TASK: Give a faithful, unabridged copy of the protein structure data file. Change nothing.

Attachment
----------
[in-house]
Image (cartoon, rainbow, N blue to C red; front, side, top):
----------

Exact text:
[in-house]
Image (cartoon, rainbow, N blue to C red; front, side, top):